Finally, presidential candidates need to do their due diligence in selecting a running mate. This means taking months rather than weeks to make the selection, and making a sincere effort to get to know the candidate who will join them on the ticket. The vetting process needs to be thorough and focused not just on disqualifying factors, but also genuine strengths a running mate would offer as president. And when such candidates are named, all voters should seriously consider whether they would find them well-suited to the office of president. Presidential candidates need to know their running mates, but so too does the electorate, and vice-presidential candidates should be rigorously tested on the campaign trail.
Voters can tell a lot about presidential candidates by their choice of a running mate. Those who fail to take the process seriously demonstrate that they may not have the nation’s best interests at heart. Likewise, those who focus primarily on the ticket’s electoral prospects instead of the fitness of their running mate to assume the presidency are guilty of putting their own interests before the country’s. Yet the ultimate responsibility rests not with the candidates but the electorate, the people, who need to look carefully at every aspiring vice president, ensuring that individuals assume the office only if, should the need arise, they would be truly prepared and committed to carrying out their presidential duties effectively.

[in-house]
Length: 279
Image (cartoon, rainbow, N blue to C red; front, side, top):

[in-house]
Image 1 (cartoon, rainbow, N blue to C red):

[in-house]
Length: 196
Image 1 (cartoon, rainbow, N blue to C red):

Richard Gunderman is John A Campbell Professor of Radiology; Bicentennial Professor; and Chancellor’s Professor of Radiology, Pediatrics, Medical Education, Philosophy, Liberal Arts, Philanthropy, and Medical Humanities and Health Studies at Indiana University Purdue University Indianapolis, and a contributing writer for The Atlantic.